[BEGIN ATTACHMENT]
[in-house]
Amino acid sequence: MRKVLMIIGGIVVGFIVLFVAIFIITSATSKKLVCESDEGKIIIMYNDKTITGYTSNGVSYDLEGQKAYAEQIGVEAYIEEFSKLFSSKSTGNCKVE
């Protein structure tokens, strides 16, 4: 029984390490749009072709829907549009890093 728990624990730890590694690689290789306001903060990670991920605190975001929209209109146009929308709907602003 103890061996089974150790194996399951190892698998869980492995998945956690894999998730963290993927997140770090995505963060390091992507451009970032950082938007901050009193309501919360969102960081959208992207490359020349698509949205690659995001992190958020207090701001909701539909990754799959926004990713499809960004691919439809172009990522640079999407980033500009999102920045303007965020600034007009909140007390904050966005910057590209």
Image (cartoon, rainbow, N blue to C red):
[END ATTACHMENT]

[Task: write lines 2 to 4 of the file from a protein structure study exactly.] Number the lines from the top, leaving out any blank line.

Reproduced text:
Amino acid sequence: MRKVLMIIGGIVVGFIVLFVAIFIITSATSKKLVCESDEGKIIIMYNDKTITGYTSNGVSYDLEGQKAYAEQIGVEAYIEEFSKLFSSKSTGNCKVE
């Protein structure tokens, strides 16, 4: 029984390490749009072709829907549009890093 728990624990730890590694690689290789306001903060990670991920605190975001929209209109146009929308709907602003 103890061996089974150790194996399951190892698998869980492995998945956690894999998730963290993927997140770090995505963060390091992507451009970032950082938007901050009193309501919360969102960081959208992207490359020349698509949205690659995001992190958020207090701001909701539909990754799959926004990713499809960004691919439809172009990522640079999407980033500009999102920045303007965020600034007009909140007390904050966005910057590209």
Image (cartoon, rainbow, N blue to C red):